10 Celebrities That Died From Painkiller Overdose
Celebrities dying of painkiller overdoses are the visible face of a current opioid crisis rampant in North America and, to a lesser extent, the whole world.
Many people forget that celebrities are human too, and they fall into the same vices as we do. Even the most famous among us have troubles or diseases that need to be dealt with and end up abusing substances.
Many more cases of these deaths go unnoticed but have similar circumstances. People abuse dangerous and addictive substances to fight pain, insomnia, or anxiety.
Here are ten examples of celebrities that passed away due to painkiller overdose, most of which are considered to be accidental.
1. Heath Ledger
Known for his roles in films like “The Dark Knight” and “Brokeback Mountain,” actor Heath Ledger met an untimely death in 2008. Toxicology reports show he had been taking a very high amount of painkillers, mostly oxycodone, hydrocodone, and diazepam.
It was said he had been using these prescription medications to help with sleep and to cope with a hectic schedule. Newspapers also suggested that he was struggling with addiction to other substances.
2. Judy Garland
The teenage actress became famous for her role as Dorothy in “The Wizard of Oz” back in 1939, and after that, she had to keep up with a very tight filming schedule.
Professionals later found out that she was constantly administered stimulants and depressants to keep her from gaining weight.
She became addicted to barbiturates, a type of medication that is not commonly prescribed today but was heavily used back then to treat insomnia and headaches. An accidental overdose on these pills took her life in 1969.
3. Anna Nicole Smith
Former Playboy model and television personality Anna Nicole Smith had been consuming at least nine different medications at the time of her death. She was diagnosed with the stomach flu and decided against admitting to a hospital, allegedly to avoid “the media frenzy.”
After her passing, doctors claimed she was most likely unaware of the potential lethality of combining all her medications. Chloral hydrate, lorazepam, and diazepam were included, among other painkillers and anxiolytics typically used to treat alcohol addiction.
4. Michael Jackson
Known as “the King of Pop,” Michael Jackson was probably the most famous singer and dancer of his generation. He struggled with addiction to painkillers for years because of the demands of his energetic performances.
His death was determined to be caused by the combination of several painkillers and anxiolytics, including propofol, lorazepam, midazolam, and diazepam. It was later ruled a homicide, as his physician administered the lethal amounts of combined medications.
The iconic pop artist was found dead in April 2016 in his house in Minnesota. He had been taking Vicodin, a common medication used to treat moderate to severe pain, for a long time.
His death was ruled an accidental overdose because his pills were laced with fentanyl, another painkiller considered up to 100 times more potent than morphine. Controversy ensued, as it is unclear if the painkillers he was taking were all prescribed by doctors.
6. Tom Petty
Known for his slow rock music and thoughtful lyrics, Tom Petty died at age 66 in 2017. His death was ruled an accidental overdose of several painkillers, including fentanyl and oxycodone.
He had been battling addiction for some time, and oxycodone is known for being used as a recreational substance. However, at the moment of his death, professionals reported that he was only taking pain medications to overcome a fractured hip.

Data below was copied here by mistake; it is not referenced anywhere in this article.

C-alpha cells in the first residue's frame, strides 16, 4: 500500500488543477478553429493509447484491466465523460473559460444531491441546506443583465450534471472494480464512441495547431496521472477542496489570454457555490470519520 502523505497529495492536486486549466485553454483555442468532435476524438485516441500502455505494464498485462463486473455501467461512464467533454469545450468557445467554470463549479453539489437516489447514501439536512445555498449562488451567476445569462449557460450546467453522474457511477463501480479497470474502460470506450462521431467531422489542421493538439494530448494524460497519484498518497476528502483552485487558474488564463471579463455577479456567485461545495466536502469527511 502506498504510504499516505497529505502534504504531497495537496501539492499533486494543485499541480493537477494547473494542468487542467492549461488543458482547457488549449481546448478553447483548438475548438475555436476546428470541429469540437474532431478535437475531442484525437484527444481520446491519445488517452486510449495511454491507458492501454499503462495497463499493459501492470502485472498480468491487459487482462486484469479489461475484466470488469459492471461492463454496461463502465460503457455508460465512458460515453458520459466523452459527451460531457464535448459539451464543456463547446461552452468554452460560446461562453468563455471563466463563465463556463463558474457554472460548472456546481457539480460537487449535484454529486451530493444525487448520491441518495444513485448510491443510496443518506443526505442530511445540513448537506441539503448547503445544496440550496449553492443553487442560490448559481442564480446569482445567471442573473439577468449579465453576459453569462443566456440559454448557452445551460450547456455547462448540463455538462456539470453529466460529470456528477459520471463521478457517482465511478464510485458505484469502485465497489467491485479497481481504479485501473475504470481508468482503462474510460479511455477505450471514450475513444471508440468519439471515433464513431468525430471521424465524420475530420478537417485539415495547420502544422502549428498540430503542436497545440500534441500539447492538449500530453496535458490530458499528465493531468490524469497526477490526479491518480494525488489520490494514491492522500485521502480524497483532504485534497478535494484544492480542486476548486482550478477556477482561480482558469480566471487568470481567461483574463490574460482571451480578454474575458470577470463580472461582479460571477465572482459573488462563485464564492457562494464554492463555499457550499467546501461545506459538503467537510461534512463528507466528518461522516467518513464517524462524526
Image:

7. Tyler Scaggs
Scaggs was a famous baseball player and made a big career playing for the Los Angeles Angels as a pitcher. He was found dead in his hotel room in 2019, only hours before the start of a scheduled game.
It was reported that his death resulted from mixing oxycodone, fentanyl, and alcohol. His was another unfortunate lethal case of painkillers laced with fentanyl, something that affected over 1000 Californians in the last few years.
8. Elvis Presley
The King of Rock was another unfortunate victim of the abuse of prescription drugs. While his death was officially ruled as a heart attack, it was known that he had been taking several painkillers prescribed by his doctor. Codeine, ethinamate, quaaludes, and Placidyl, were included among them.
He’d been taking these medications in amounts greater than recommended for years. This led him to develop several health conditions, like glaucoma, bowel disease, and heart failure.
9. Brittany Murphy
Once known for her roles in movies like “Clueless,” “Don’t Say a Word,” and many more, the famous actress was found dead in her bathtub days before Christmas of 2009. She had been using over nine different medications, including painkillers Vicoprofen and hydrocodone.
These painkillers are known to be as potent as morphine and just as addictive and can cause heart failure in high doses. Combining these with the other medications she was taking caused her untimely demise.
10. Marilyn Monroe
The famous actress was found dead in her home in Los Angeles in August 1962. She had been consuming, and probably abusing, a wide array of prescribed medications, including morphine, codeine, and Percodan.
Her death was surrounded by controversy and conspiracy theories due to her acquaintance with US President John F. Kennedy. Regardless of the circumstances, it is undeniable that she was not only consuming painkillers but also barbiturates, amphetamines, and alcohol.
Painkillers are medications designed to alleviate pain. They act on the nervous system by combining with opioid receptors, stimulating them to ignore the pain signals. They can be sold over-the-counter or by prescription, and sometimes a few of them are combined into a single tablet.